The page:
Eluveitie are at the very forefront of Folk Metal one could say the archetype for the scene. You have been pushing boundaries and kicking ass for over 15 years. Now gearing up to release your latest masterpiece Ategnatos in early April and are coming down under in May to tear up our shores once again.
Metal-Roos: I should start with the usual…is Eluvietie excited to be coming Down Under?
Oh yes, we can’t wait really. I mean, it’s about time we came back, it’s been way too long. Many things have happened since the last time since last we played in your country. We’ve released two albums, so there’s a lot to catch up on with you guys. It’s about time we came down and we can’t wait.
M-R: Is this any of your members first time to Australia?
Actually yes! Fabienne Erni, Jonas Wolf, Alan Ackermann and Michalina Malisz haven’t been there with Eluveitie. It will be their first time, and they are very excited.
M-R: Eluveitie are a relentless touring machine. Being a 9-piece band as well as the assortment of instrumentation you perform with, this must be a logistical nightmare, especially when transporting all that to Australia, which we all know is far away from everything. Was there any unexpected challenge in taking the show on the road? How has touring evolved for you over the years?
Honestly, it’s not that big a deal. We get that question a lot. I think being well organised, getting along and working together at a professional level is something you need to learn as a touring band. It doesn’t matter whether you have three or nine people in the band. The main difference it’s just much more expensive with nine. Booking flights for nine people compared to four makes a difference! But as you said before, we’ve been doing this for many years now and we are well functioning little machine.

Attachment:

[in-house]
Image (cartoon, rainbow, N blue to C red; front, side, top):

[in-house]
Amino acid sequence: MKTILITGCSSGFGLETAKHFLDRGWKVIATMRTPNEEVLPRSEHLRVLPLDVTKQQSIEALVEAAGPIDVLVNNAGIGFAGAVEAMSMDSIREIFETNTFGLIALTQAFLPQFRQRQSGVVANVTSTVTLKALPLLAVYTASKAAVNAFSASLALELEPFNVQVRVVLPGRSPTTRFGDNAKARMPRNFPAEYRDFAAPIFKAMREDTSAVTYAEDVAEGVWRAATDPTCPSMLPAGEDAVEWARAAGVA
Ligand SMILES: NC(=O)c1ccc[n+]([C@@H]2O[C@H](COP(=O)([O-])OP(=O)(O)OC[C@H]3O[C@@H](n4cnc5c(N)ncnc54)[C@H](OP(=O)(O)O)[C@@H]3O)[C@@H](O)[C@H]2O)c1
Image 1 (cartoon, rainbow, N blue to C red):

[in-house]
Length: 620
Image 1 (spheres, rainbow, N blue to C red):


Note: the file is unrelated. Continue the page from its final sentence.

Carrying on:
M-R: With so many people and instruments on stage, do you ever use a choreographer to assist with movement? Has there ever been an on-stage disaster?
Hahaha. Of course, these things happen. The chances of these things happening increase with the more people you have, but they can always happen, even if you’re a three-piece. I think its just part of the deal a part of being a rock and roll show.
M-R: On that topic, how were the shows during the recent 70,000 tonnes cruise? That must have been quite a different experience than your usual festival…
Oh yeah, it’s somewhat different. I think it was the third or fourth time we played there, it’s always great. On this topic though, a funny thing happened on the very first time we took the cruise. We were playing on the outdoor deck and that was rather challenging because we were in the middle of the open sea and it was windy as fuck. The whole schedule had to be postponed for almost forty-five minutes because there was just too much wind and a big storm coming, it just wasn’t possible to play. Once we finally got on-stage when it was possible, it was really challenging, even just standing there and not getting blown away was difficult.
M-R: Talking of festivals, how does the energy of your headlining shows compare to that of a massive summer festival like Hellfest or Wacken? Do you have a preference at all?
It’s hard to say, when you play club shows at least you’re closer to the audience which is usually a good thing. Personally, I prefer the bigger festivals. That’s only due to the fact that we have more space on stage to move around.
M-R: Will the shows be in the same vein as the ‘An Evening with Eluveitie’ tour, can we look forward to a full two-hour set?
I think an Eluveitie show is always an Eluveitie show. Last time we came through we had an acoustic section during the show, we won’t be doing that this time. It will still be a two-hour set though because we have so much material to catch up on! Releasing two albums since last time we want to present you with some new music! Including the previous album Evocation II.
M-R: Do you know if there will be a VIP option available for this visit?
Yes, definitely, we’re currently working on that. We’re just gathering ideas on what we can do. The plan so far is to play some unplugged short folk session in the intimate setting of a meet and greet.
M-R: I know that you don’t have a favourite song to perform, but are there set staples that the fans have a bigger reaction to when you perform? If so, does this change from country to country?